Help combat food waste through pickling. Photo courtesy of Yotka fotoaloja via Shutterstock.
It’s no secret that there is a ton of food wasted everyday in kitchens across the country. In fact, in the United States about 30%-40% of the food supply is wasted, equating to over 20 pounds of food per person each month. Worldwide, industrialized nations waste as much food as the entire sub-Saharan Africa produces. Luckily, there are plenty of delicious and simple ways to give back to the environment by reducing your food waste footprint.
Pickling is my favorite way to preserve leftover produce and help limit my contribution to food waste, as it’s easy, versatile and completely gives new life to traditional fruits and veggies. My mother has always pickled the extra produce from her garden, and as a young, busy cook I’ve tried to emulate her thriftiness while throwing in some of my own twists.
As a cook with a tiny kitchen, I have trouble balancing my desire to raid the farmer’s market with my lack of physical storage and refrigeration space. Pickling is the perfect way to reinvent traditional meals while staying mindful of my impact on the environment. Plus, recipes are easy to adjust, and playing with different flavorings is often the best part of the process.
When pickling it’s not only important to take notice of the flavors of your fruit or vegetable, but the texture of the product, as well. It’s essential to choose vegetables or fruits that are dense enough to hold up to your brine and won’t break down in the pickling process. If using a softer fruit, adjust the pickling time. If using a sturdier vegetable, feel free to leave it in the brine longer. The more often you pickle, the more accustomed you’ll become to different flavors and textures.
This summer take advantage of the plethora of vibrant and fresh produce in your local farmer’s market by experimenting with different brine recipes. Whether its a side dish, light and fresh appetizer or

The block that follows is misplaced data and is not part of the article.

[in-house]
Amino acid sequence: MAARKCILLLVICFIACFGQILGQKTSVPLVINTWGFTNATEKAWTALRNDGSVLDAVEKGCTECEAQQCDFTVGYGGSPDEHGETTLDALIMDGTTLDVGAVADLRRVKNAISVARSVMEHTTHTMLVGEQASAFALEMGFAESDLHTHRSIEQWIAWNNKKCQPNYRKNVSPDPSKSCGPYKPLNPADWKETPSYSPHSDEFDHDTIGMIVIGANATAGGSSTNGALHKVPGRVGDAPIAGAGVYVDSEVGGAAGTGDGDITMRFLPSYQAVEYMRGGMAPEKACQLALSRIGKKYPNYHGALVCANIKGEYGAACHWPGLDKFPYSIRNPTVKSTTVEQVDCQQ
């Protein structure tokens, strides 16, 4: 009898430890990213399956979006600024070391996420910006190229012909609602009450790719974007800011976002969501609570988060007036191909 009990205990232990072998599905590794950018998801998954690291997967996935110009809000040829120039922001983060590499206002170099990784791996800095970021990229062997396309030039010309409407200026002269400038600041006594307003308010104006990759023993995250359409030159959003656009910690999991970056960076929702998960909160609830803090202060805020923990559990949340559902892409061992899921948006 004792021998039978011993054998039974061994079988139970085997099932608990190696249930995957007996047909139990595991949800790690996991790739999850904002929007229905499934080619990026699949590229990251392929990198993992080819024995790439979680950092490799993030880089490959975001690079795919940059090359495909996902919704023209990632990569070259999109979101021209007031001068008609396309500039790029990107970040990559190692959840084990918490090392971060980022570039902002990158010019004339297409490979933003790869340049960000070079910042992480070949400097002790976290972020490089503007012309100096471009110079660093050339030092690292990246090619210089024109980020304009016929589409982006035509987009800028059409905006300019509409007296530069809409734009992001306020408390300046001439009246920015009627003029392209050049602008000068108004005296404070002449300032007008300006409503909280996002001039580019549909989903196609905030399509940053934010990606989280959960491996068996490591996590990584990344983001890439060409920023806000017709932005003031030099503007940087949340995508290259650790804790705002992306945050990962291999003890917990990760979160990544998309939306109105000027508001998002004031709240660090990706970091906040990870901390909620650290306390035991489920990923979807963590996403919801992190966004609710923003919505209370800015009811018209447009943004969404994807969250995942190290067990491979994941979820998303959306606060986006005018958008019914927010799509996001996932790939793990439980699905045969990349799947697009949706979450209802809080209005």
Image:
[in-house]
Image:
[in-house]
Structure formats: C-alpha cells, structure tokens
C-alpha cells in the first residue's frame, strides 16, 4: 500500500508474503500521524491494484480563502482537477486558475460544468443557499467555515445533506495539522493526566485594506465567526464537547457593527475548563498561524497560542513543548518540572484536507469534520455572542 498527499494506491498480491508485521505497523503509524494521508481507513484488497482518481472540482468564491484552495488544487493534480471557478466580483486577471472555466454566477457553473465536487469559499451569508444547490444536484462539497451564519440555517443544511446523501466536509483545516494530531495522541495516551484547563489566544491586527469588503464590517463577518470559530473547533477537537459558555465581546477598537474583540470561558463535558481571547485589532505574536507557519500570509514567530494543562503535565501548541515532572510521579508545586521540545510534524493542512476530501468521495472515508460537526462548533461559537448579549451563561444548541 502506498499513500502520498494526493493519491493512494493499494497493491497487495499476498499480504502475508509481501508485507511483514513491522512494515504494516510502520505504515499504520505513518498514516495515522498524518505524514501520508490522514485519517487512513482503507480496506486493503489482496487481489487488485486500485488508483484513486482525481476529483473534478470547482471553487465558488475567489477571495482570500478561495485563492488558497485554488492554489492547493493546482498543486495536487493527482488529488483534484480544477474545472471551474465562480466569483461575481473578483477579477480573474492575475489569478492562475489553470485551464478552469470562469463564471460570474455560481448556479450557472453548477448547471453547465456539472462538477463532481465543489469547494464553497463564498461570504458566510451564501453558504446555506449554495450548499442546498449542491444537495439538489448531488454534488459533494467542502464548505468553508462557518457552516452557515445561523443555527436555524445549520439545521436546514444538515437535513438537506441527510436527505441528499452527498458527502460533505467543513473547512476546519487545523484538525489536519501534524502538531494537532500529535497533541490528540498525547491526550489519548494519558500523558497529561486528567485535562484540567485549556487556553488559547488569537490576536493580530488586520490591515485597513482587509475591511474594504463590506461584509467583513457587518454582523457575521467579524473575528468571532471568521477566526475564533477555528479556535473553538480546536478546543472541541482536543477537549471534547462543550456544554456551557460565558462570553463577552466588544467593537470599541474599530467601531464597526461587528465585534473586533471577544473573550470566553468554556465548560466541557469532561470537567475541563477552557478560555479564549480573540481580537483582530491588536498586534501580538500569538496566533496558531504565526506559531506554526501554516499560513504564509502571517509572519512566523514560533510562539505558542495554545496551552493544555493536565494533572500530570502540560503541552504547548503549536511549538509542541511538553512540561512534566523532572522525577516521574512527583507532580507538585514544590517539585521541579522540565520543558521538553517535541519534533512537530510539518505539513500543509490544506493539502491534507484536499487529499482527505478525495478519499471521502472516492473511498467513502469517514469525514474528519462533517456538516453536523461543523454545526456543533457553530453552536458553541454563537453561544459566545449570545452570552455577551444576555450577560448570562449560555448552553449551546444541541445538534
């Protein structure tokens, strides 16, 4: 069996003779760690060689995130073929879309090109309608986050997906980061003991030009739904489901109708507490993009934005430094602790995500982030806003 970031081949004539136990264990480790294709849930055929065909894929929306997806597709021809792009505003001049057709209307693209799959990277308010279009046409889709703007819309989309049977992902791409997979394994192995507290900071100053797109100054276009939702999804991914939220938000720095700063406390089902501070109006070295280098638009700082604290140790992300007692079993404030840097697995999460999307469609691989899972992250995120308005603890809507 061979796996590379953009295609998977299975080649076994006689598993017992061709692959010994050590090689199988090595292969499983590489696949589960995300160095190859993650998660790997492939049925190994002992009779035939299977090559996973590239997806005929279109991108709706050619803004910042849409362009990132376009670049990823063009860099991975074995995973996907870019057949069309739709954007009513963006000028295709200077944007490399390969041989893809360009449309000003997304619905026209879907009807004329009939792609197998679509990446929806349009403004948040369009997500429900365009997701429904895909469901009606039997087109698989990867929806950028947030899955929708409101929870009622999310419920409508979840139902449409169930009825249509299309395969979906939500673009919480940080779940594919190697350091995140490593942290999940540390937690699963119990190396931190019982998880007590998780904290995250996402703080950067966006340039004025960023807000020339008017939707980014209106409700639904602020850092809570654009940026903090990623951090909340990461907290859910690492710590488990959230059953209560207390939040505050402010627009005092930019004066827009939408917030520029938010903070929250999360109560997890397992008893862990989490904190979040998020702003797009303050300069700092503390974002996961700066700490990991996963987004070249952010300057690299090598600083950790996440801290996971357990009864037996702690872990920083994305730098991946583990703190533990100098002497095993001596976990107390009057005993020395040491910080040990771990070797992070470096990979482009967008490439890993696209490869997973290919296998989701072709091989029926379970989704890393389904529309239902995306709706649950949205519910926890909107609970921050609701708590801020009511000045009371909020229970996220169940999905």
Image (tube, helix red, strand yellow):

component of your main dish, pickled veggies are a crunchy, fresh addition to any summer meal.
To help you get started on your pickling journey, here is one of my favorite recipes:
Pickled and preserved produce. Photo courtesy of artem_ka via Shutterstock.
Pickled Strawberry Crostini With Herbed Goat Cheese & Basil
- 8 Strawberries, Thinly Sliced
- 8 Slices of Baguette (a day or two old works even better), Sliced on a Bias
- 3 Oz Herbed Goat Cheese
- 4-5 Basil Leaves, Cut Chiffonade
- 3 cups white vinegar
- 1 cup water
- 1 cup sugar
- 1/2 cup salt
- 2 teaspoons mustard seed
- 1 teaspoon all spice
- 1/2 teaspoon cloves
- 1 cinnamon stick
Step 1: Soak the strawberry slices in the brine for about 1-1.5 hrs.
Strain and remove the strawberries, set aside.
Step 2: Line the baguette slices on a baking sheet and drizzle lightly
with olive oil. Toast for about 5-10 minutes in an oven at 350
degrees, until lightly browned.
Step 3: Remove the baguette slices and spread evenly with goat cheese.
Top with the strawberries and basil and serve!
Contributed by Laura Denby, a freelance food writer and recent graduate of the Institute of Culinary Education, living, cooking and eating in Hoboken NJ.